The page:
Background & aim: Fermented foods have been proposed for the prevention of infectious diseases. We evaluated the efficacy of fermented foods in reducing common infectious diseases (CIDs) in children attending daycare.
Methods: Prospective randomized, double-blind, placebo-controlled trial (registered under Clinical Trials.gov identifier NCT01909128) on healthy children (aged 12-48 months) consuming daily cow's milk (group A) or rice (group B) fermented with Lactobacillus paracasei CBA L74, or placebo (group C) for three months during the winter season. The main study outcome was the proportion of children who experienced at least one CID. All CIDs were diagnosed by family pediatricians. Fecal concentrations of innate (α- and β-defensins and cathelicidin LL-37) and acquired immunity biomarkers (secretory IgA) were also evaluated.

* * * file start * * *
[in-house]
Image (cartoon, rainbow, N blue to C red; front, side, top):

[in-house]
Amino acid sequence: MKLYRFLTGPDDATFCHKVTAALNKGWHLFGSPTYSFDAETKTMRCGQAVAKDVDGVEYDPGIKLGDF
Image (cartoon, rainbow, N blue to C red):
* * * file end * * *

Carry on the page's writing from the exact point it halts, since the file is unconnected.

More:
Results: 377 children (193 males, 51%) with a mean (SD) age of 32 (10) months completed the study: 137 in group A, 118 in group B and 122 in group C. Intention-to-treat analysis showed that the proportion of children who experienced at least one CID was lower in group A (51.8%) and B (65.9%) compared to group C (80.3%). Per-protocol analysis showed that the proportion of children presenting upper respiratory tract infections was lower in group A (48.2%) and group B (58.5%) compared with group C (70.5%). The proportion of children presenting acute gastroenteritis was also lower in group A (13.1%) and group B (19.5%) compared with group C (31.1%). A net increase of all fecal biomarkers of innate and acquired immunity was observed for groups A and B compared to group C. Moreover, there was a negative association between fecal biomarkers and the occurrence of CID.
Conclusion: Dietary supplementation with cow's milk or rice fermented with L. paracasei CBA L74 prevents CIDs in children attending daycare possibly by means of a stimulation of innate and acquired immunity.
Keywords: Acquired immunity; Acute gastroenteritis; Innate immunity; Probiotics; Upper respiratory tract infections.
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